• Each AP may be capable of scanning for a set of channels within a frequency band. However, without considering the impact of channel selection with respect to other APs, a channel selection at one AP may inadvertently impact another AP. For example, using a traditional channel selection technique, the first AP 110 may select a channel for first wireless coverage area 215 based on what the first AP 110 can observe (such as root wireless coverage area 255). However, the first AP 110 may inadvertently select a channel that impacts the second wireless coverage area 225 or the third wireless coverage area 235 (possibly unbeknownst to the first AP 110). For example, a channel selected by the first AP 110 may appear to be unutilized (or underutilized) in a wireless scan performed by the first AP 110. However, the same channel may appear to be heavily loaded (or significant interference) at the second AP 120 (possibly from a different network that is also operating within a coverage area of the second AP 120). The second AP 120 can be impacted in multiple ways depending on how it is utilizing its radios. For example, if the second AP 120 is using that channel for a backhaul channel from the second AP 120 to the first AP 110, then the second AP 120 may see higher packet errors for the backhaul channel due to a neighboring interferer that is unseen by the first AP 110. In another example, if the second AP 120 is using the channel for both backhaul and BSS service links, then the second AP 120 also may be constrained in the amount of traffic it can serve in its BSS (since the second AP 120 would be contending with the neighbor AP, even though the neighbor AP is unseen by the first AP 110).
  • Thus, by coordinating channel selection between the first AP 110 and the root AP 150, the root AP 150 may select a better channel to maximize channel reuse within the network, such as when overlapping coverage areas are unavoidable. Maximizing channel reuse may improve the overall network capacity. In some implementations, the root AP 150 may determine a channel selection using channel selection information from the first AP 110. The channel selection information can include channel operating constraints for the root AP 150 to consider when determining the channel selection.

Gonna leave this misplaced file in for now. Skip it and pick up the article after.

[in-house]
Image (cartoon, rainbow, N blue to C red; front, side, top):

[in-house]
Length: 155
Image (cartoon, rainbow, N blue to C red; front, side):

• FIG. 3 depicts a flowchart with example operations for a first AP to communicate channel selection constraints. The flowchart 300 begins at block 310. At block 310, the first AP may generate, at the first AP, a first list of channels that are available for use by the first AP. The first AP may obtain channel condition information regarding a set of channels available for use by the first AP. The first AP may determine the first list of channels from among the set of channels. The first list of channels may be selected by the first AP based, at least in part, on the channel condition information and the one or more operating constraints. For example, the first AP may scan a set of channels to obtain all of the channel condition information that can be observed by scanning the channels. Alternatively, or additionally, the first AP may use any combination of techniques to obtain the channel condition information, including: scanning the set of channels to detect the channel condition information, querying at least a second AP in the network to request the channel condition information, and requesting (from the root AP or Multi-AP Controller) consolidated channel condition information regarding one or more other APs in the network.